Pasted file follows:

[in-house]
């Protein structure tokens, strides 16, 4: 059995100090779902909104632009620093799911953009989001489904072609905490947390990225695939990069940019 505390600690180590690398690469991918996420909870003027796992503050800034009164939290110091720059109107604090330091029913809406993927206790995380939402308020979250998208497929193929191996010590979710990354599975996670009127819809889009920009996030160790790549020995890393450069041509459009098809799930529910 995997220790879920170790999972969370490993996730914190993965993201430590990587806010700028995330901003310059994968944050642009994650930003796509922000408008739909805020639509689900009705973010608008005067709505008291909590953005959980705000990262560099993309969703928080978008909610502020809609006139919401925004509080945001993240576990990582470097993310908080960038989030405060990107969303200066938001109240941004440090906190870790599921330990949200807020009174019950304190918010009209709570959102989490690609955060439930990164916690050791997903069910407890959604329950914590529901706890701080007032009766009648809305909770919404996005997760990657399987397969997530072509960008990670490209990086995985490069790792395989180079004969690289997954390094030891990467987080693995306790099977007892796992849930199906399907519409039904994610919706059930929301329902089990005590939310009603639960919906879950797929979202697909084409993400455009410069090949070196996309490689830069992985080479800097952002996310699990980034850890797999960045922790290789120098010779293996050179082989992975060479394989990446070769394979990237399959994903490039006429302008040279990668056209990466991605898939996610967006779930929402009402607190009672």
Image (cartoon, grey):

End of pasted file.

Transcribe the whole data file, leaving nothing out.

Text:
[in-house]
């Protein structure tokens, strides 16, 4: 059995100090779902909104632009620093799911953009989001489904072609905490947390990225695939990069940019 505390600690180590690398690469991918996420909870003027796992503050800034009164939290110091720059109107604090330091029913809406993927206790995380939402308020979250998208497929193929191996010590979710990354599975996670009127819809889009920009996030160790790549020995890393450069041509459009098809799930529910 995997220790879920170790999972969370490993996730914190993965993201430590990587806010700028995330901003310059994968944050642009994650930003796509922000408008739909805020639509689900009705973010608008005067709505008291909590953005959980705000990262560099993309969703928080978008909610502020809609006139919401925004509080945001993240576990990582470097993310908080960038989030405060990107969303200066938001109240941004440090906190870790599921330990949200807020009174019950304190918010009209709570959102989490690609955060439930990164916690050791997903069910407890959604329950914590529901706890701080007032009766009648809305909770919404996005997760990657399987397969997530072509960008990670490209990086995985490069790792395989180079004969690289997954390094030891990467987080693995306790099977007892796992849930199906399907519409039904994610919706059930929301329902089990005590939310009603639960919906879950797929979202697909084409993400455009410069090949070196996309490689830069992985080479800097952002996310699990980034850890797999960045922790290789120098010779293996050179082989992975060479394989990446070769394979990237399959994903490039006429302008040279990668056209990466991605898939996610967006779930929402009402607190009672």
Image (cartoon, grey):